Utah Symphony Drops Pavel Kogan as Principal Guest Conductor

Utah Symphony Drops Pavel Kogan as Principal Guest Conductor

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SALT LAKE CITY (AP) -- Russian conductor Pavel Kogan is being dropped as the Utah Symphony's principal guest conductor.

Kogan's contract is not being renewed and his six-year tenure as principal guest conductor will end when he conducts the symphony's concerts on May 28 and 29.

"I am deeply disappointed in what has happened," Kogan said, adding that he is at a loss to explain why his contract wasn't extended.

He said he has a good working and personal relationship with the musicians and he is proud that his concerts tend to sell out Abravanel Hall. "The audience likes what I bring to them, and they come to my concerts," he told the Deseret Morning News.

"Pavel has a lovely following here, although the numbers have dropped as the novelty has worn off," said Anne Ewers, Utah Symphony and Opera CEO.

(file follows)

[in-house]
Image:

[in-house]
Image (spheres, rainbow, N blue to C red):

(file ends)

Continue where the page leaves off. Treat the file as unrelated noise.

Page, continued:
Ewers said the decision not to continue with Kogan as principal guest conductor was based on conclusions reached by two committees.

"Both the artistic and the executive committees felt that it was long enough, and (music director) Keith (Lockhart) and I agreed," she said.

The Utah Symphony never had a principal guest conductor until Kogan. Ewers said the position was created when Lockhart was appointed music director in 1998.

"The reason the search committee chose both Keith and Pavel was to give audiences two different approaches to concerts," she said.

Elsewhere, the average length of stay for a principal guest conductor is short, Ewers said. "The standard is two to four years. With Pavel, the relationship has run its course. It was good while it lasted, but we need to move on."

Kogan said, "The term can be anywhere from one year to an unlimited number of years. There is no standard. That is an unprofessional explanation."

Ewers said another principal guest conductor eventually will be appointed but not any time soon.

In the future, the principal guest conductor will lead the orchestra only in a limited number of concerts, she said. "It will probably be no more than two or three weeks each season."

Kogan said he does not lack prospects.

"I have my orchestra in Moscow (the Moscow State Symphony Orchestra), and I guest conduct all over to wonderful acclaim," he said.

(Copyright 2004 by The Associated Press. All Rights Reserved.)

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